The Curated Traveler: Lauterbrunnen

There’s a pattern in my life of turning points. New things almost always start out rocky for me, which isn’t that surprising considering how much I hate change and depend on consistency.

But there will almost always be some moment, some event that turns things around for me. Where the line on the graph abruptly starts going upward.

My freshman year of college, friendless and shy, it was when my sister Olivia facilitated Matthew and I getting each other’s numbers. My first year of motherhood, it was when Ella first slept through the night. And for our time in Switzerland, it was when my little sister Caroline came to visit me.

I was not doing well. I had been nervous to go to Zurich for all the reasons it ended up being hard: language barrier, not knowing my way around, and raising a toddler in a new place were all hardships I knew were coming. But I did not expect the emotional toll they would all take on me. I felt hopeless, isolated, and frustrated with myself. I couldn’t believe that I was going to spend six months in Europe being completely afraid and miserable. What a waste.

Then Caroline came to visit. And of the two of us, I was the Switzerland expert. The responsibility would be on me to get us around and plan fun activities. I couldn’t let her fly thousands of miles (with a stop in Iceland, no less) to hang out in a corporate apartment.

A family at church mentioned Lauterbrunnen as a cool destination, with waterfalls from the melting snow on the Alps. Waterfalls that would be disappearing soon.

So my brain narrowed on that location and I set about planning our trip. That was normally Matthew’s job, I never really needed to know where I was because he knew. Nice of him, of course, but not so smart of me.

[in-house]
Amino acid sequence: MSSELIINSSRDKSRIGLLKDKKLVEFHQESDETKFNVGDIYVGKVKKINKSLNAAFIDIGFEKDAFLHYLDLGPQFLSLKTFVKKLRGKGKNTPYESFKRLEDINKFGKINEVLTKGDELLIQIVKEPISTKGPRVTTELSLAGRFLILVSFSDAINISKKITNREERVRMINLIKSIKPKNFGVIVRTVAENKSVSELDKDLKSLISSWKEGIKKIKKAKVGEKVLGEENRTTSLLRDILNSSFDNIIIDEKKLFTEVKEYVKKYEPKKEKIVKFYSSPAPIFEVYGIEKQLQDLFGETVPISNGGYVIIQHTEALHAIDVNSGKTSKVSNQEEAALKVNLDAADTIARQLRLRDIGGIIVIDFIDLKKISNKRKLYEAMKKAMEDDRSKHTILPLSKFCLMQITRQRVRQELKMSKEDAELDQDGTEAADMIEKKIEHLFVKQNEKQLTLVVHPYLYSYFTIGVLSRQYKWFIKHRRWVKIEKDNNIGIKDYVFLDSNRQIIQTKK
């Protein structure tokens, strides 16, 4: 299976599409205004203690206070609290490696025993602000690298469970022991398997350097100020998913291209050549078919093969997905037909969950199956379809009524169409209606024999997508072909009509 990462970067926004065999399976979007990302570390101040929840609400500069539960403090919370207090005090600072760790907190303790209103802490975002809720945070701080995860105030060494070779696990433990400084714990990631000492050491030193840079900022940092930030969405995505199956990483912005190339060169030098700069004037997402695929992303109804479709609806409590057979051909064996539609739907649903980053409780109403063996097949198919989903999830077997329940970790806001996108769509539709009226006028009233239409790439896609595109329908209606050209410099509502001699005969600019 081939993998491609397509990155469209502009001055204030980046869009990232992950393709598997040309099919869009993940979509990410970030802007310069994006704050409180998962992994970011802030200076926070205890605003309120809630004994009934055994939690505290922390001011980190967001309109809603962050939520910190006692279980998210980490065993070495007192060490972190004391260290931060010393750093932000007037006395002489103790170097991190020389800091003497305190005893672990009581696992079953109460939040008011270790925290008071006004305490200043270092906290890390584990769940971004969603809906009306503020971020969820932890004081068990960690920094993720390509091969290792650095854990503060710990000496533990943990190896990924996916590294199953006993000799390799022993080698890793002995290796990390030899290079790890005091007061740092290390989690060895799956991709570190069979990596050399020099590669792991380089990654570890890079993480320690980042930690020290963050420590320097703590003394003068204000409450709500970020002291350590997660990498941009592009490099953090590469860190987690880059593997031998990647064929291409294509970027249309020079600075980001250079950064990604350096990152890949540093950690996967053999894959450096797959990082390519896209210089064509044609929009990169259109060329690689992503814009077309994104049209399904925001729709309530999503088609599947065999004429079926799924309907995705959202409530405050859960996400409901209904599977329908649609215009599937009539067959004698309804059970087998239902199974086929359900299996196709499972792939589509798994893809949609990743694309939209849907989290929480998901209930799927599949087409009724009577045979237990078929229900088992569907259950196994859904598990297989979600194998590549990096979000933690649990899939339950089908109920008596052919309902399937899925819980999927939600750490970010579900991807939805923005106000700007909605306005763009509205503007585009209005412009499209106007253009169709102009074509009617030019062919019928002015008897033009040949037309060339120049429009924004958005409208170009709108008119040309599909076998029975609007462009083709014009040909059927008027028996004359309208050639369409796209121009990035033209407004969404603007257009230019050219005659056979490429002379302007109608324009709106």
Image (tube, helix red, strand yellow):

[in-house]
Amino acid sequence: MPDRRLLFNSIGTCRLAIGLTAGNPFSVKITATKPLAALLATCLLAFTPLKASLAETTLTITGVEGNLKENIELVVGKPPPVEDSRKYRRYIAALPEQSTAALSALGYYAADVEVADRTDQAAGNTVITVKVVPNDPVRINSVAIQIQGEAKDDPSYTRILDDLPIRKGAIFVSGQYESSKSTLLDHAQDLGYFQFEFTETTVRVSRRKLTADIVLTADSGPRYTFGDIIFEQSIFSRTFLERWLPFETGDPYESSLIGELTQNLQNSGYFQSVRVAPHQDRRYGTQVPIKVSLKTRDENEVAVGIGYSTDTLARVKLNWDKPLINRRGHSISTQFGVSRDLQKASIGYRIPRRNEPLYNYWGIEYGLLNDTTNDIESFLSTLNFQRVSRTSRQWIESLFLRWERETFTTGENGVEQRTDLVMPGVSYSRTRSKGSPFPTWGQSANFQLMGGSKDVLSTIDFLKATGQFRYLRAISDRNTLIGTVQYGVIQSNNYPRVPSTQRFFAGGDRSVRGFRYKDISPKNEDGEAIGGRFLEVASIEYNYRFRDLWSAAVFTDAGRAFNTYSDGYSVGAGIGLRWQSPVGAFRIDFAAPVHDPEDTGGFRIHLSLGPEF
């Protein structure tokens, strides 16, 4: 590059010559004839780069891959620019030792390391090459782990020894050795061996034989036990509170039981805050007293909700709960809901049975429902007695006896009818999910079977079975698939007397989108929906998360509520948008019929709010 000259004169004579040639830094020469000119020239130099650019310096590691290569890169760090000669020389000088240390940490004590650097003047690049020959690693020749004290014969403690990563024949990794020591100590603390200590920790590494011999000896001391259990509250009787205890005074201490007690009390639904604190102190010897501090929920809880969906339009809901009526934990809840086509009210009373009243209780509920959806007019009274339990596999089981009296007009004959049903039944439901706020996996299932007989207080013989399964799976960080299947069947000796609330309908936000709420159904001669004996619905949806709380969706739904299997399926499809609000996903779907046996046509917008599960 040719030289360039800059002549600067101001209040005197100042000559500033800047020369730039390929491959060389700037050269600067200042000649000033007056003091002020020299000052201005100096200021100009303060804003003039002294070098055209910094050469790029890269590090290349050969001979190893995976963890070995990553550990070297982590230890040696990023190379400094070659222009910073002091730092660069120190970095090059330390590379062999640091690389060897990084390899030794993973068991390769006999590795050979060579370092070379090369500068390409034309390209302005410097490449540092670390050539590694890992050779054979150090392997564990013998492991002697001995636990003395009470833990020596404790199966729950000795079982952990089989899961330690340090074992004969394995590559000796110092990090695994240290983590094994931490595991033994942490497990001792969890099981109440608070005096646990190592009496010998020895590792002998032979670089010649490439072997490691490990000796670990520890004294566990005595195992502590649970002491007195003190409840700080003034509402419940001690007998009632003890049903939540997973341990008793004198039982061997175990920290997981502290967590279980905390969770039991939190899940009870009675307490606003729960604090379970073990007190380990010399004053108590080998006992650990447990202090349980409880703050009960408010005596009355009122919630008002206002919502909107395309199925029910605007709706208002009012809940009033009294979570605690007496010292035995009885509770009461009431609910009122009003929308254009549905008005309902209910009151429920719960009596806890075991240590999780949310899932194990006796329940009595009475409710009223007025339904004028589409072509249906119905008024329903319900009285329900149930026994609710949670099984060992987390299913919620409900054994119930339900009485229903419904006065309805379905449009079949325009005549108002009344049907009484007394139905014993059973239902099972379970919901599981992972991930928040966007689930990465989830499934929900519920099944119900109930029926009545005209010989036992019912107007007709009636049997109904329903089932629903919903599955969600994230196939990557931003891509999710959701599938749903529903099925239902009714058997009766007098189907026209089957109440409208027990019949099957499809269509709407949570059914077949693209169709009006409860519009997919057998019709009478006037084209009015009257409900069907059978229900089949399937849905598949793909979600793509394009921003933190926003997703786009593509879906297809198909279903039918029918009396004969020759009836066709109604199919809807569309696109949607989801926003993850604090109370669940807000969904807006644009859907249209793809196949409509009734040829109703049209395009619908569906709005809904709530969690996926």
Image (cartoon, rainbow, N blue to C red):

Lauterbrunnen was definitely a trial by fire. It took three trains to get there, all with narrow time windows and no margin for error, and it wasn’t the most stroller friendly place, with steep streets and rocky paths.

But it was perfect.

Of course, it was stressful and tiring and is there an 18 month old out there that can sit quietly on a train for hours? But it was perfect because it was a completely new experience. Not just that I had never been there but that I had gotten us there. It was my idea, my plan, my hard work. A previously undiscovered and unknown part of the world was introduced to me. That day, I saw Lauterbrunnen for the first time and myself a little clearer.

I think that’s the great thing about traveling. It forces you to take charge and to be independent, two things I didn’t know I could do or be. Only you can get yourself to where you need to go. It was great to have Caroline with me because it was like travel with training wheels. I had someone to keep an eye on Ella while I looked at the maps in the train station. I had someone who could distract her while I went over the route in my head a thousand times. I had someone else to push the stroller while I checked my phone for the nearest place to grab lunch. I had my sister to boost my confidence that I could do this again and on my own. I’m lucky that I had this experience at the beginning so I didn’t have to waste another day thinking I couldn’t do it. That I couldn’t make the most of this unbelievably amazing opportunity and make the most of myself.¬†There are the official wonders of the world but Lauterbrunnen will always be the most wonderful for me for giving me that gift.




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